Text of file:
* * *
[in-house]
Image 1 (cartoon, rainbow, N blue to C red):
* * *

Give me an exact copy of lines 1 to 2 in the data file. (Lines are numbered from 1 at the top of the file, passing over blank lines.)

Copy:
[in-house]
Image 1 (cartoon, rainbow, N blue to C red):